FIU College of Medicine receives preliminary accreditation

College’s NeighborhoodHELP to revolutionize medical education

Left to right: Founding Dean of the College of Medicine Dr. John Rock, President Modesto A. Maidique and Provost Ronald Berkman.

Florida International University College of Medicine announced today that it has received preliminary accreditation from the Liaison Committee on Medical Education (LCME), which allows the school to accept the first class of future doctors in the fall of 2009.

“At last South Florida has a public medical school – one that will lead medical education in the 21st Century,” said FIU President Modesto A. Maidique. “All the pieces are in place to open our doors to some of our brightest and most caring young people and help them become medical doctors right here in our community for our community.”

Addressing the doctor shortage

In the mid 1990s, the Association of American Medical Colleges recommended that the number of medical school seats be expanded. The recommendation came as a response to a looming crisis provoked by a growing U.S. population at the same time that the physician population is aging and retiring.

The FIU College of Medicine was conceived in response to this crisis. While the College itself will ultimately graduate 120 doctors a year, it will be further leveraged to create new residency programs in South Florida. It is estimated that as many as 80 percent of doctors who do their residencies in Florida, practice in Florida.

First class starts in fall 2009

Aspiring doctors may begin the application process in June of 2008 through the American Medical Colleges Application Service. The founding class of 40 students is expected to graduate in 2013.

Among the first medical schools to be created in the past 25 years, the FIU College of Medicine promises to revolutionize medical education in America, help uplift some of the poorest neighborhoods in South Florida and help address the doctor shortage crisis.

Director of the Miami-Dade Health Department Lillian Rivera said she believes the FIU College of Medicine will become a model for new medical schools around the country.

“FIU has taken the lead to establish a program that will not only educate new doctors but also answers the community’s call for better access to health care,” said Rivera. “FIU’s approach is tailored to allow medical students understand the realities faced in many of our South Florida neighborhoods, which are not unlike what we see in many urban centers throughout the nation.”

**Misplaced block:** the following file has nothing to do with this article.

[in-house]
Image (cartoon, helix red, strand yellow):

Revolutionizing medical education: NeighborhoodHELP

College of Medicine Dean Dr. John Rock explained that the FIU College of Medicine has been designed around an innovative approach to medical education that one day may become the standard throughout the nation and part of the answer to America’s health care crisis. At the heart of the College of Medicine’s curriculum is NeighborhoodHELP (Health Education Learning Program), an integrated inter-disciplinary approach to health care.

“Through meaningful involvement in South Florida’s poorest areas, our students will not only learn but contribute handsomely, alongside their counterparts in other health professions,” said Dean Rock.

Starting in their second year, medical students will team up with students in other disciplines including nursing, social work, public health, law and business to assess the needs of, and assist individual families in some of Miami’s poorest neighborhoods. In addition, students will participate in traditional rotations at affiliated local hospitals and clinics.

Partnering with the underserved community

The long-term involvement of medical students in low-income neighborhoods is expected to have a measurable economic benefit. The College of Medicine aims to demonstrate a return on investment of educational dollars by improving the health of communities and providing a signature program that promotes the development of socially responsible physicians.

FIU’s College of Medicine is part of a larger legislative funded state initiative to expand medical education which also includes a new medical school at the University of Central Florida.

“The Board of Governors is delighted that the FIU College of Medicine will be taking state-of-the-art health care directly to our neediest communities,” said Chancellor of the State University System Mark Rosenberg. “Our eleven public universities are engaged in solving real problems for people throughout the state. We are looking forward to this new initiative and applaud FIU for its commitment to the community.”

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